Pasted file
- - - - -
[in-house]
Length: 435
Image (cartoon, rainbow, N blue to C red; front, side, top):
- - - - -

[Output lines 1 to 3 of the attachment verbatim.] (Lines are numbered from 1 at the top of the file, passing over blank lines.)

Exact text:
[in-house]
Length: 435
Image (cartoon, rainbow, N blue to C red; front, side, top):